- The Messiah of Stockholm by Cynthia Ozick
Deutsch, 144 pp, £9.95, November 1987, ISBN 0 223 98142 7
- The Birds of the Innocent Wood by Deirdre Madden
Faber, 147 pp, £9.95, January 1988, ISBN 0 571 14880 8
- The Coast of Bohemia by Zdena Tomin
Century, 201 pp, £11.95, October 1987, ISBN 0 09 168490 0
Cynthia Ozick’s critical writing everywhere expresses a ferocious distaste for the purely aesthetic. The central idea in Art and Ardour, her collection of critical essays, concerns the conflict between the aesthetic and the moral views of literature and of life. She tells the story of a friend’s child coming across a statue of an Egyptian cat deity in a museum. ‘ “I understand,” said the child, “how they wanted to bow down to this cat. I feel the same.” And then she said a Hebrew word: asur – forbidden – the great hallowed No that tumbles down the centuries from Sinai ... ’ Asur: many of her speculations and evaluations seem to say that. A characteristic judgment is that made on Truman Capote, whose work is full of the idea that
[*] Hidden Symptoms is now republished on its own (Faber, 142 pp., £3.50, 25 January 1988, 0 571 15074 8).
Vol. 13 No. 12 · 27 June 1991
From Rodney Pybus
You might have mentioned in your note on the drawing by Bruno Schulz for his story ‘Spring’ which appeared on the cover of the London Review (25 April) that he achieved literary resurrection of a kind a few years ago: the central character of Cynthia Ozick’s brilliant novel The Messiah of Stockholm (1987), a book-reviewer for a morning newspaper, alleges he is the son of Bruno Schulz. Fifty years after the supposed murder of Schulz by the Nazis, the ‘fantasies of submission’ your note alludes to, the painful poignancy of the drawings, are vividly re-created in Ozick’s picture of refugees squabbling over the authenticity of a manuscript of his last, missing work, The Messiah. The novel carries a strongly-drawn self-portrait by Schulz as frontispiece, staring somewhat askance at the potential reader of Ozick’s disturbing fable of dispossession, as central still to our times as the background evoked. Particularly so, given this country’s decision (if that’s the right word) to look for survivors among the Nazis allowed to hide here after the war.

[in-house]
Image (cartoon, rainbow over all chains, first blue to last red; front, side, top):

From Editor, ‘London Review’
The Messiah of Stockholm was reviewed in these pages on 4 February 1988.
Editor, ‘London Review’